Scientists find a new risk factor for heart disease

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Researchers from around the world have linked transportation noise to increased risks of heart and brain vascular diseases.

This group of experts, including noise specialists from Denmark, Switzerland, the United States, and Germany, has reviewed extensive data showing how noise from roads, railways, and airports contributes to health issues such as heart attacks, strokes, and diabetes.

Published in Circulation Research, their study emphasizes the need to treat traffic noise as a serious risk factor for cardiovascular disease.

The World Health Organization reports that in Western Europe alone, traffic noise leads to the loss of over 1.6 million healthy years of life annually.

The study details how nighttime traffic noise disrupts sleep, raises stress hormone levels, and increases oxidative stress in both the vascular system and brain.

These disruptions can lead to the formation of free radicals, which are molecules that may cause significant damage to body cells, including those in the heart and blood vessels.

Every increase of 10 decibels in noise exposure can raise the risk of cardiovascular diseases by 3.2%, according to the research.

The experts examined how noise affects gene networks, epigenetic pathways (which involve changes in gene activity without altering the DNA), and circadian rhythms (the body’s internal clock).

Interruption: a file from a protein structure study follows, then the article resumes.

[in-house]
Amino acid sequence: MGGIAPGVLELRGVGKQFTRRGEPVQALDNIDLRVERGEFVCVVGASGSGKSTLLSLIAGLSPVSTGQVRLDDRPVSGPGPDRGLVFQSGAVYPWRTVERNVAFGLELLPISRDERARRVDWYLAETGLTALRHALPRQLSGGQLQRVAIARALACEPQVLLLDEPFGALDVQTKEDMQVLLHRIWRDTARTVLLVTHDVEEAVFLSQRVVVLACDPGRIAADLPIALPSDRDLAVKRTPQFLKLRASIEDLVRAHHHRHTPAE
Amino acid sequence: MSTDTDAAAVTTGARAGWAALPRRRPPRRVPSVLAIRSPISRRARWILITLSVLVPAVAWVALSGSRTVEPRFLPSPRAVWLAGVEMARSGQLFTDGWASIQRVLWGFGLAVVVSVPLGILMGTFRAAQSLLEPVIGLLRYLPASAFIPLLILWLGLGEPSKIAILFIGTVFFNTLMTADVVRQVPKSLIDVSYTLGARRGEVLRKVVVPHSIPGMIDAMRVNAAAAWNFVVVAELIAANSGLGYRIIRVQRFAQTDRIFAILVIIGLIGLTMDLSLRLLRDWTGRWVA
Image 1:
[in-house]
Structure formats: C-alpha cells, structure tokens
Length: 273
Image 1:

They also explored how noise influences the neuronal-cardiovascular axis, which links the nervous system and cardiovascular system, and contributes to inflammation and changes in metabolism.

The review brings new insights into the indirect effects of transportation noise on cardiovascular health and underlines the importance of noise reduction measures and regulations, especially post-COVID-19, when many people continue to be exposed to high levels of traffic noise.

Lead author Prof. Dr. Thomas Münzel of the University Medical Center Mainz stressed the significance of acknowledging traffic noise as a cardiovascular risk factor, given the compelling evidence and its widespread impact on public health.

The team’s findings support ongoing efforts to enhance noise control and promote quieter living environments to improve cardiovascular health outcomes.

If you care about heart health, please read studies about the best time to take vitamins to prevent heart disease, and calcium supplements could harm your heart health.

For more information about health, please see recent studies that blackcurrants can reduce blood sugar after meal and results showing how drinking milk affects risks of heart disease and cancer.

The research findings can be found in Circulation Research.

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